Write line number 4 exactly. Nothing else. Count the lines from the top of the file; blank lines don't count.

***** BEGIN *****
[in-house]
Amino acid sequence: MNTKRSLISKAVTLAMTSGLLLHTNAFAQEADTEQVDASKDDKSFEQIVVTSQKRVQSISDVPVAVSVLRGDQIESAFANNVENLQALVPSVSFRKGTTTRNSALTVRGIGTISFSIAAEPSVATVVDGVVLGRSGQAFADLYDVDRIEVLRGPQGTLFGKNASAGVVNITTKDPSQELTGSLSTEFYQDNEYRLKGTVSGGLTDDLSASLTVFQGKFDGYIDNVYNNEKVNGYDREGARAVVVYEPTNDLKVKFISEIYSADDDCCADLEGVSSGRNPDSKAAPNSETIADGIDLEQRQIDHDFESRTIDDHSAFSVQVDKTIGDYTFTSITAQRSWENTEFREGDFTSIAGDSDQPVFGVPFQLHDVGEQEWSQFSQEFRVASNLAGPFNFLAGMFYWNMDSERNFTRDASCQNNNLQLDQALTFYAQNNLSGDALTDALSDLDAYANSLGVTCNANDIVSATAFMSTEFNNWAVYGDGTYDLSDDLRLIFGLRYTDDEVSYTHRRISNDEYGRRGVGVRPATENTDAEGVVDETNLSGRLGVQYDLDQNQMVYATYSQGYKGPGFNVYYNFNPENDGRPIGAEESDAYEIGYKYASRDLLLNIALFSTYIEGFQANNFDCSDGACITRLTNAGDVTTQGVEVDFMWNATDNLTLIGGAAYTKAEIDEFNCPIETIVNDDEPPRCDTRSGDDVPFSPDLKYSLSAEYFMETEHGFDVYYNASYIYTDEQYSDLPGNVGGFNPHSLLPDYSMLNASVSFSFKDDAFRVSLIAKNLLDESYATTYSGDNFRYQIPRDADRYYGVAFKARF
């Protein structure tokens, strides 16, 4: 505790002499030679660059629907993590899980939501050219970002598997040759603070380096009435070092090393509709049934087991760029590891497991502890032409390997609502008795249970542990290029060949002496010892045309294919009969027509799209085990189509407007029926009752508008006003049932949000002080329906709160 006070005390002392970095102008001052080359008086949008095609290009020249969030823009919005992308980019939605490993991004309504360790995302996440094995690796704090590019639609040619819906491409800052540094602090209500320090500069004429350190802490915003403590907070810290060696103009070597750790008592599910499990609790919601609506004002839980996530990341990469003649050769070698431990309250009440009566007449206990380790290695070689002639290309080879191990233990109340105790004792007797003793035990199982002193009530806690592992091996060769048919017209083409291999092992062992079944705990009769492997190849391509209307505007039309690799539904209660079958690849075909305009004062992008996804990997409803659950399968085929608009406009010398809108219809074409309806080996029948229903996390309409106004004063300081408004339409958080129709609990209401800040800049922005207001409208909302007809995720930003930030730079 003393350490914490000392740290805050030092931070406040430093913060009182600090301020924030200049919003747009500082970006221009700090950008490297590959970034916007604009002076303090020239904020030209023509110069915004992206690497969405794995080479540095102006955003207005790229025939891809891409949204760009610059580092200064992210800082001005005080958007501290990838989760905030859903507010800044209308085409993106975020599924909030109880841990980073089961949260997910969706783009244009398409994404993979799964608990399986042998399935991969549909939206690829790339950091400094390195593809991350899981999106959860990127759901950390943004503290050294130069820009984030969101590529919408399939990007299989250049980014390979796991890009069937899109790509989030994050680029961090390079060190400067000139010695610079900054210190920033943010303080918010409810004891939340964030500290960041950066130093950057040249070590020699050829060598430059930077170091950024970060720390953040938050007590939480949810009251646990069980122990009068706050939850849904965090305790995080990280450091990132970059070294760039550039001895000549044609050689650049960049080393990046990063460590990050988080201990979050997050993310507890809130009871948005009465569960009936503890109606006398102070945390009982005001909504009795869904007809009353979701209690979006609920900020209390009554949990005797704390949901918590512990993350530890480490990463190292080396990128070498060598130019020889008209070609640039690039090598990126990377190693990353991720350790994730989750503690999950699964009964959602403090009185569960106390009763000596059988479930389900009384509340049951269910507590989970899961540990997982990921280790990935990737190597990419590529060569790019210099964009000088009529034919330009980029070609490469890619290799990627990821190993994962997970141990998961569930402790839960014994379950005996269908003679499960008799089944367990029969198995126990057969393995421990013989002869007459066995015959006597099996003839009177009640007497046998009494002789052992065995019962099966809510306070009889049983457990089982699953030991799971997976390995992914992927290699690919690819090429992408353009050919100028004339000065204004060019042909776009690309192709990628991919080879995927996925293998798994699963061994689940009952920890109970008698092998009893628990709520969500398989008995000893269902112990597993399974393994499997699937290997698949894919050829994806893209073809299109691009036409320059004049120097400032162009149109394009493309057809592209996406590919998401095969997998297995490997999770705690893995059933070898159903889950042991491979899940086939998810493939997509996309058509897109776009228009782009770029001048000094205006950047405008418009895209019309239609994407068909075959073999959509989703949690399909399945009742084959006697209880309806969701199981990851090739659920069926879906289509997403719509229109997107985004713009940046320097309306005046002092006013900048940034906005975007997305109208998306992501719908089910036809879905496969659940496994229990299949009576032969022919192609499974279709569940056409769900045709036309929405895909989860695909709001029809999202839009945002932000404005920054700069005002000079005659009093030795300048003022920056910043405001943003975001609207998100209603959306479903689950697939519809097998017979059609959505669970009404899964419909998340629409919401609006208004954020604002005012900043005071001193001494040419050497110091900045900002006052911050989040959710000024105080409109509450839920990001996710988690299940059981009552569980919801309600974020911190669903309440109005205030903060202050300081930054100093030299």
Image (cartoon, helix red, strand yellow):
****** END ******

Image (cartoon, helix red, strand yellow):